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More on social networking

26 March 2007

It seems that at last Facebook is taking off among South African students. It was originally intended for use by students, and has only recently opened up to everyone.

The first social networking site of that kind that I used was one called six.degrees, which flourished about 6-7 years ago, and then died. It worked on the six degrees of relationship idea – that within six degrees of relationship you would know everyone in the whole world. It was better than most of its successors, except that it downloaded slowly. I’ve tried MySpace, and Facebook, and find them rather limiting. The groups feature on MySpace is inaccessible (to me, at any rate). One of my favourites is a more amateur effort, Tribe.net.

Facebook would be better if it provided more options to the answer to their question (when adding friends/contacts) “How do you know this person?” In every case in which I’ve tried to add a contact to Facebook, my answer had been “None of the above”.

Want something that works better than Facebook and MySpace, for keeping in touch with family, friends and acquaintances? Try Zoominfo, or Tribe.net.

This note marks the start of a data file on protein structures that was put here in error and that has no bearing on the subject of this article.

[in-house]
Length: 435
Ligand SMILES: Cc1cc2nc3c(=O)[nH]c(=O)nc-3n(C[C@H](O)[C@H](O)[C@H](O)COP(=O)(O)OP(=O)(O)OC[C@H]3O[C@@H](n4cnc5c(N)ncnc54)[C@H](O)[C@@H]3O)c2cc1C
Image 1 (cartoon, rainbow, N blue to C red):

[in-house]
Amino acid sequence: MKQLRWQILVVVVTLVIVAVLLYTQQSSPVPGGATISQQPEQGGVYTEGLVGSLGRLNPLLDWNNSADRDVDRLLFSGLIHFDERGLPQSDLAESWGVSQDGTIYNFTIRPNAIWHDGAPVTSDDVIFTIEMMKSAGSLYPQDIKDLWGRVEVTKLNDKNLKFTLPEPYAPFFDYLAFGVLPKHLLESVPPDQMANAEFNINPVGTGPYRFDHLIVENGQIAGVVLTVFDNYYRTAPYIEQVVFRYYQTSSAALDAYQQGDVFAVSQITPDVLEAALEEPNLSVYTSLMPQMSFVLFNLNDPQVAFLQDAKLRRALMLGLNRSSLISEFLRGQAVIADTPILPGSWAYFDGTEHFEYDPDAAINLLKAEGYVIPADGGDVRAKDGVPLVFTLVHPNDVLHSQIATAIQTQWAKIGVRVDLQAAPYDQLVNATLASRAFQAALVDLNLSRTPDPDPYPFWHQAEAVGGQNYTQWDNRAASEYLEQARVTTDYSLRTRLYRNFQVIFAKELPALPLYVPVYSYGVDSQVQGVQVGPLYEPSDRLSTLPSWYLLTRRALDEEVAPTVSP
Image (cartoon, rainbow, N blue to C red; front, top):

You might find that you are already on Zoominfo. And Tribe.net is more amaeur, and therefore more human than the commercial sites like MySpace, as well as being much easier to navigate.

And then there are social bookmarking sites.

I recently looked at Digg, and came to the conclusion that all sorts of people were using it for the wrong things, and that there is actually not much that it can be used for. It’s supposed to rate the popularity of news articles, but how useful is that? The philosophy seems to be that one should conform to mass culture, follow the herd, and read what everyone else is reading, whether it interests you or not. Looking for news items? Try Google — it’s quicker and more likely to find what you want. Also, Digg is like Facebook in the sense that its categories are, at least in my case, most likely to be “none of the above”. It has hairsplitting categories for science and technology, but completely ignores the humanities. It has categories for videos, movies and podcasts, but none for books. Digg really is a waste of time.

Better to use one of the original (and still the best) social bookmarking sites, del.icio.us, once you’ve found it on Google. and you can share those with friends and colleagues with similar interests.

And though less social, for individual research, Diigo is pretty good too. Maybe the students at Rhodes University should spend more time on that than on Facebook.

For those who want to know more, here is a link to a very useful article on social bookmarking and academic research, and for Facebook fans, here’s an article on how to use it effectively and things to watch out for.

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